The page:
One of the first options a Medicare beneficiary faces when they are reviewing Part D Prescription Drug plans (PDP) is whether they want a plan with a deductible. The deductible amount, set by Medicare, is the dollar amount a plan member must pay before he or she is eligible for the reduced copayment for the drugs. The big decision for the Medicare beneficiary is if they should select a PDP with a lower premium and $310 deductible or pay a higher monthly premium for a no deductible plan.
When Covered California decided to force health insurance companies to cancel their policies on December 31, 2013, they set in motion a cascading effect that have left many new plan members without access to prescription drug coverage. At least two pharmacies have recognized the problem and are offering help to cover vital prescription medications to new Affordable Care Act health plan members that have yet to received neither member ID numbers nor an invoice.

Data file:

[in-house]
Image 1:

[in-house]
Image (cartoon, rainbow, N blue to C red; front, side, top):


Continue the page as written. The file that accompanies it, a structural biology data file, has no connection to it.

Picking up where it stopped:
California Medicare beneficiaries will have over thirty Part D Prescription Drug Plans (PDP) to choose from in 2014. But a recent Kaiser Family Foundation study found that upwards of 80% of individuals never switch their PDP even if new plans offer better coverage and a lower premium.
The federal government pays the insurance company that administers the Medicare Advantage plan every month just like paying an insurance premium
Most of the emphasis of the ACA on Medicare is directed at reducing long term costs and increasing quality and coordination of care.
It seems as if she is being penalized because she is taking care of herself. While I am not given to conspiracy theories, I am beginning to smell a rat.